Geography is about understanding the world around us, and increasingly, understanding how we interact with that world. Pupils at Cranleigh will benefit from becoming informed about how physical and human environments interact, how their lives are connected with other people and places, and why and how the world’s landscapes and societies are changing in the early part of the 21st century. They also develop skills that are central to modern life, such as independent and team working outside the classroom, using ICT, and analysing and interpreting a wide variety of different data sources, as well as developing a sense of social and environmental responsibility.
In the Fourth Form, pupils are introduced to geographical processes and skills initially through studying their local area, and through carrying out an investigation into the place of Guildford in the settlement hierarchy. They go on to look at three major themes in the year: the geography of China and its role in the 21st century; the impact of the London Olympics; and glaciation. The year finishes with a section designed to develop their ability to interpret maps, photographs, and other forms of data-presentation, so as best to prepare them for studying at IGCSE.
In the Fifth form pupils study an IGCSE equivalent course through the AQA exam board. This course retains a core of traditional geographical content, and also offers opportunities for pupils to study contemporary themes and events which will enable them to relate their learning to the world they live in, and to the events they experience. Our aim is for pupils to gain a clear overall view of the world in the 21st century; and we also seek to provide a foundation for those who intend to continue to study the subject to a higher level. The course is examined through three exam papers. The Physical Geography paper uses rivers, coasts, and plate tectonics to examine natural processes, their consequences for people, the impact of people on such landscapes, and the need for this impact to be carefully managed. The Human Geography paper is concerned with themes central to many contemporary issues: population-change and globalisation. Fieldwork is central to geographical understanding and all students will visit West Wittering on the South coast, as well undergoing a number of “virtual fieldtrips” through the use of online resources. The third paper (worth 40%) overall is split into two parts: firstly, a Geographical Skills section, examining the ability of students to respond to unseen material; and secondly a “Decision-making exercise”. This is designed to develop analytical and evaluative skills through responding to questions based on a “resource pack” released to students before the exam.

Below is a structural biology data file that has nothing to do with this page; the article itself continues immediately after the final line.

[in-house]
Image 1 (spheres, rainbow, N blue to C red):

For AS Level, two modules are studied and exams taken in June of the Lower Sixth year:
- “Managing Change in Physical Environments” which is divided into four sections: River Environments; Coastal Environments; Cold Environments; and Hot Arid and Semi-Arid Environments. A wide variety of physical environments and the processes that formed them is therefore studied alongside the role of human impact.